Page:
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OPEC Deal Extension Looks Shaky As Shale Hedges Production

You’ve got to feel for the guy who hit ‘Send’. That statement would have been written, read by a committee, re-written with countless minor words removed or added before finally being agreed and getting signed off. You can almost hear the shout of ‘Hang on!’ that erupted the very second the press officer hit the button.

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The first statement said the joint committee of ministers from OPEC and non-OPEC oil producers “reports a high level of conformity and recommends six-month extension (of the voluntary oil production cut).” Great news – very clear – got it.

The final statement said the committee had only decided to “review the oil market conditions and revert.. in April 2017 regarding the extension of the voluntary production adjustments.” (In the interim period, said press officer was also likely searching desperately for a credible reason why there had been such a drastic change, and a source explained to the media later that the committee simply didn’t have the legal mandate to recommend the extension…)

Now had this been the initial statement it would have been viewed as an altogether positive move. But it wasn’t, and so is clearly a cautious step back from that position. And so the markets will react. As reports Harry Tchilinguirian, head of commodities strategy at BNP Paribas said, “The dropping of the recommendation to extend cuts in favour of technical review committee is likely to lead to a lot of disappointment and potential further liquidation of long positions by money managers that will put downward pressure on oil prices.”

It’s been just over five months since the deal was agreed by the leading oil producers to reduce output. Originally it was to last six months resulting in a drop of 1.8m bpd but there was always the possibility of an extension. At the end of this term, all the signees to the deal have yet to fully embrace the agreement though Russian Energy Minister Alexander Novak was quoted as saying there was “94% compliance”, and this was addressed in the statement with the committee saying it “encouraged all participating countries to press on toward 100% conformity.”

But unfortunately for OPEC it doesn’t hold all the cards in this game, and there is the matter of the US to consider. Recently, crude oil stock piles have increased, with the committee acknowledging low seasonal demand, refinery maintenance, and rising non-OPEC supply.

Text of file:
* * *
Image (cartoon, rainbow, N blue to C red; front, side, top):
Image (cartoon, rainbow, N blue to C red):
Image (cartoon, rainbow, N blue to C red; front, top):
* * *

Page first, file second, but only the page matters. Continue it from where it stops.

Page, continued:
Shale is having a whale of a time at the moment– especially in the Permian Basin. CNN Money put it sweetly – it has “emerged as the new poster boy of the US shale oil revolution”. The price of land here keeps going up, drilling activity has tripled and production is reaching record highs. This area alone is predicted to enable overall US production to soar to a new record level in 2018. CNN explains that, “The key is that the unique geology of the Permian allows frackers to hit multiple layers of oil as they drill into the ground. That’s what sets the Permian apart from other major oilfields, making it lucrative to drill there even at today’s sub-$50 prices.”

And US drillers have been thinking long-term too. Data from Wood Mackenzie show that shale drillers are now insulating themselves against falling prices. 33% of the largest producers have 26% of their output hedged – meaning they have the option to sell oil at an agreed-upon future price.  As reports the hedging looks like a smart decision. “Oil process have dipped back below $50 in recent weeks on concerns about rising US production, particularly in the Permian Basin..”. It quotes Helima Croft, global head of commodity strategy at RBC Capital Markets who told ‘Squawk on the Street’, “One thing OPEC has to worry about is if they don’t extend the production cuts, a lot of that Permian production was hedged when oil was in the mid $50s. Even if we fall back further, that production is coming on.”

There is an awareness however of consequential repercussions. As ClipperData reported, ““There is concern that U.S. production is going to come roaring back so much that it impedes the price recovery. This is a vicious cycle” and Rob Thummel, a portfolio manager at energy investment firm Tortoise Capital noted, “There’s no doubt we’ve got too much oil. We’re trying to figure out how to balance through that.” Therein lies the key. Whether anyone has the ability to follow this through is the big question.

In the battle of sheiks versus shale, it’s never dull.